Advisor pulls from past to navigate stormy present

Industry veteran shares lessons he learned from past bear markets and how he’s putting them to work today

Advisor pulls from past to navigate stormy present

In an unprecedented moment for the markets and society, one advisor is drawing on his nearly 30 years of experience to carry his clients and practice through the storm.

Rob McClelland, founder of the McClelland financial group and a senior financial advisor with Assante Capital Management, is using lessons he learned during the dot-com bubble of 1999-2000 and the financial crisis of 2008 to guide his clients through. Those experiences have taught him to hold on tight, avoid playing to panic and greed, and focus on regular communication with clients.

“If you've got a financial plan in place, and your situation hasn’t changed, there's no reason to deviate from the plan,” McClelland said when asked what message he’s taking to clients. “We’re communicating that message by different methods like videos, a podcast, email, and newsletters.”

McClelland’s most difficult experience in a bear market was during the dot-come bust of 1999-2000. He says the damage there was done more by greed than fear. He recalls losing clients because his value-oriented portfolios weren’t matching what some of the growth tech stocks were delivering. When the market corrected in 2000, though, he saw those former clients “losing their shirts”, down 50 or 60 per cent. He even offered some growth fund opportunities to his clients during the boom. But those quickly went bust while his value plays stayed steady.

“That taught me not to play with the portfolio,” McClelland said.

2008, in his view, was a market shaped more by fear than greed. That moment, when the market went below 50 per cent, taught him not to liquidate unless absolutely necessary. His only liquidations in that time were necessary to make payroll for his firm and make ends meet for his family.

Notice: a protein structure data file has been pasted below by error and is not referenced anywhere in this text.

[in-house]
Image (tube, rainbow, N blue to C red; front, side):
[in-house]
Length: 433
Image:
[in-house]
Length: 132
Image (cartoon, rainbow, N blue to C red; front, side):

In the long run, though, the clients that went to cash in 2008 lost out. People were selling $1 million accounts at 30 per cent down, cementing a serious loss. Even when the markets started rebounding the wider news was bad, unemployment numbers and word of a “Great Recession” kept investors scared. McClelland thinks that’s one lesson from 2008 that will play out today.

“The market is going to turn on this one and the news is still going to be horrible,” he said. “We’re going to start to see China get this under control … that will be the sign that we can get through this. That's when the markets are going to turn, but the news is still going to be horrible in North America and Europe for quite a while.

“I learned during ’08 that you can’t move to cash, you can’t try to move around these gyrating markets.”

McClelland’s position, then, is to hold steady. Aside from rebalancing, he’s not suggesting any major investment moves for his clients. They’ve increased the “band” for their rebalancing formula from four per cent to five per cent, as well, accounting for the greater volatility in the market. Clients with withdrawal plans are now pulling their withdrawals 100 per cent from fixed income so they don’t cement losses on the equity side of their portfolio. McClelland is also recommending that those clients withdraw less. Travel restrictions and restaurant closures seem like a reality for the foreseeable future, meaning expenses for those clients are likely to go down dramatically.

McClelland isn’t alarmed by the tepid response markets have given to dramatic rate cuts from central banks and fiscal stimulus from governments. He thinks the deeply personal nature of this crisis is compounding investor panic and hurting consumer confidence. When the dust settles, though, he believes policymakers have laid fertile ground for markets to grow again.

“Advisors need to communicate, communicate, communicate right now,” McClelland said. “Just overcommunicate. We’re getting messages from clients thanking us for reassuring them in this time. Thanking us for the podcast or the newsletter.

“When clients call or email, get back to them as quickly as you can and try to put them at ease. Remind them if they trigger a loss, they can't get it back because right now I can't tell you when to get back in.”